There is some uncertainty as to the date of his arrival at Onderstepoort. Gutsche relates a widely-told story that when Theiler fetched Andrews from the Pretoria station in 1910 he utilised the 10 mile drive to Onderstepoort to inform him of his duties, which would take every hour of every day, concluding with 'and in your spare time you will study snake venom'13. While revealing the character of Theiler, the date mentioned in the anecdote seems to be incorrect as a picture postcard annotated by Andrews featuring the 'hostel' or single quarters at Onderstepoort specifically states that he arrived there in December 1909, staying until October 191111. This is consistent with his account as set out in a later job application (which is undated but in which his age is stated as 38, placing it around 1925). In October 1910 he was elected as an ordinary member of the Royal Society of South Africa, indicating recognition of his scientific standing11.

His first task was to complete a study started by Sieber on the treatment of trypanosomosis with 3 newly-available drugs. Two of these were found to be 'useful' in treating T. congolense -type infections in horses, cattle and sheep, although the cattle remained carriers. This work was reported in the 2nd report of the Director of Veterinary Services in 19121. Apparently he did have spare time available as he also reported in the same issue on a series of experiments with snakes, determining their toxicity, the characteristics of their venom, their differential diagnosis and treatment2. This work was also published in the SA Journal of Science in 19133and in more popular form in the Journal of Agriculture in 19236.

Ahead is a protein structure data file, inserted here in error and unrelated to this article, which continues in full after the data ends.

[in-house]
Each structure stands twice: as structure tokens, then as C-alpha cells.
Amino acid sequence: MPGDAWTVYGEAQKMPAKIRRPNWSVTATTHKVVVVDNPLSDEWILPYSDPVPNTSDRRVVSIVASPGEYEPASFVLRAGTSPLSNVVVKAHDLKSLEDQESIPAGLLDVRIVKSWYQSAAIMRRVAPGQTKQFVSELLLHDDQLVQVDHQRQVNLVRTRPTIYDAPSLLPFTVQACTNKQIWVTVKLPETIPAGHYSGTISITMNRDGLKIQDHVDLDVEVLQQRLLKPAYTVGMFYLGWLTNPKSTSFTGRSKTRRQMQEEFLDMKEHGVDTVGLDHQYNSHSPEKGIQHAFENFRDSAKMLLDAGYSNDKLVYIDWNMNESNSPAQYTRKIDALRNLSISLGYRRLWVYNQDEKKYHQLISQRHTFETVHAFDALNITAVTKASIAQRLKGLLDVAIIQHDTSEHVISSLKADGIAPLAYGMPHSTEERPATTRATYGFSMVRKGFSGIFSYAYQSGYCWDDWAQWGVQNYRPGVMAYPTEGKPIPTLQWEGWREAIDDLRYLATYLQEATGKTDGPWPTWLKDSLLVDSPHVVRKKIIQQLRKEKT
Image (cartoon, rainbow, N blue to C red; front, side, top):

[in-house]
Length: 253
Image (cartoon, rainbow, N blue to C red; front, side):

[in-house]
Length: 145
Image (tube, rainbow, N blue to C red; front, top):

By 1911 lamsiekte had become the most important animal disease in South Africa, effectively preventing cattle farming in the arid western parts of the country, and Onderstepoort was widely criticised for its inability to find a solution. In reaction Theiler established a field station on a farm called Kaffraria near Christiana in the then western Transvaal and put Andrews in charge, probably in October 1911, when he left Onderstepoort according to the postcard mentioned above. For the next 6 years he conducted feeding experiments there, apparently with little success, although Theiler later acknowledged his contribution to lamsiekte research on 2 occasions. Later in 1911 the farm Armoedsvlakte near Vryburg was offered to Theiler free of charge for a year for experimental purposes and when it was eventually bought by the government in 1916 for establishing a permanent lamsiekte experimental research station, Kaffraria was apparently phased out13. When Theiler left for a year's study leave in Switzerland in September 1912 the rest of his staff remained focused on the disease. Upon his return he brought with him H H Green, a biochemist, who was first introduced to Armoedsvlakte before moving to Onderstepoort for biochemical studies on the disease13.

In 1912, following the union of the South African colonies and the Boer republics of the Transvaal and the Orange Free State, he was appointed Veterinary Research Officer in the new Division of Veterinary Research of the Union of South Africa. Of interest from this time is a 5-page handwritten history of the SA veterinary service, entitled 'The Veterinary Profession in South Africa', probably dated 1912. During this period Andrews met and in 1916 married his wife Doris Alice Brinks Burls, who was living at Burlington farm adjoining Kaffraria, near Christiana11.